July 10, 2006
STANFORD, Calif. - Stanford Medical Informatics is hosting an international conference July 23-26 on the Protégé system, an open-source software platform that is increasingly being used to organize knowledge online and to develop complex computer systems that address problems ranging from cancer research to troubleshooting automotive assembly lines.
The software, which was developed at Stanford, is used to model ontologies - ways of classifying the meanings and hierarchical relationships among terms and concepts in a given subject. While ontologies predate the information age and can be traced to the ancient Greek philosophers, they have taken on greater significance in recent years in computer science with the growing need to make sense of oceans of data.
"It's like a catalog of all the entities that are known about some discipline, which are represented in a way that both people and computers can reason about them," said Mark Musen, MD, PhD, professor of medicine (medical informatics), who created the original version of Protégé in the late 1980s.
This will be the ninth international Protégé conference, and more than 100 computer scientists from universities and private industry groups from at least 20 nations have already registered. Tutorials and workshops will be held on the first day at the James H. Clark Center; talks and posters will be presented the following three days at the Fairchild Auditorium.
"The scope of this conference is large," said Daniel Rubin, MD, assistant professor of medicine (radiology) and research scientist at Stanford Medical Informatics. "It's for people who are interested in how computers represent knowledge across any domain, or people who work with complex problems and need to represent these concepts."
In general, ontologies can be used to model concepts in fields as diverse as theology, information science and artificial intelligence. For example, by allowing researchers to draw together data from scores of different randomized medical trials, Protégé helps them better understand diseases. But it is also being used in systems that troubleshoot problems on manufacturing assembly lines. Protégé users range from the World Health Organization to DaimlerChrysler.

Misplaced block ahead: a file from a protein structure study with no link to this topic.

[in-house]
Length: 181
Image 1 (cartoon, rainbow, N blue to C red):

Interest in Protégé has grown since 2001 when it became open source, allowing any user to download the software for free. Protégé has about 50,000 registered users, including 7,000 "die-hards" who subscribe to an extremely active e-mail discussion group, Musen said.
"It is much easier and faster to get projects started when open-source tools are available," says Michael Uschold, a senior researcher at Boeing, who will deliver the conference's keynote address on July 23. "Protégé is a tremendous boon to academic research."
For more information and to register for the conference, please visit http://protege.stanford.edu/conference/2006. Registration is free for full-time Stanford students, $400 per attendee for Stanford faculty, staff and non-Stanford full-time students, and $700 per attendee for all others. The registration deadline is July 14.
Stanford Medicine integrates research, medical education and health care at its three institutions - Stanford School of Medicine, Stanford Health Care, and Stanford Children's Health. For more information, please visit the Office of Communications website at http://mednews.stanford.edu.